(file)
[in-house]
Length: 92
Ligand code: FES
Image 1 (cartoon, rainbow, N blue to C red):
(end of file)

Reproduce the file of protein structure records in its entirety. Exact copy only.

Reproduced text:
[in-house]
Length: 92
Ligand code: FES
Image 1 (cartoon, rainbow, N blue to C red):